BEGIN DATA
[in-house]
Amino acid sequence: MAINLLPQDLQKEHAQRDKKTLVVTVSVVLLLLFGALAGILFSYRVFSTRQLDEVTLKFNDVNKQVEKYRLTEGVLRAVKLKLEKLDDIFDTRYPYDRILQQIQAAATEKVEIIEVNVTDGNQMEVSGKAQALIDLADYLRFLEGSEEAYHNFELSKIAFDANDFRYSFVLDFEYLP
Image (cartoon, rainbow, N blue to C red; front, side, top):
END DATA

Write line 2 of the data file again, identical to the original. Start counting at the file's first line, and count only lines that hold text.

Amino acid sequence: MAINLLPQDLQKEHAQRDKKTLVVTVSVVLLLLFGALAGILFSYRVFSTRQLDEVTLKFNDVNKQVEKYRLTEGVLRAVKLKLEKLDDIFDTRYPYDRILQQIQAAATEKVEIIEVNVTDGNQMEVSGKAQALIDLADYLRFLEGSEEAYHNFELSKIAFDANDFRYSFVLDFEYLP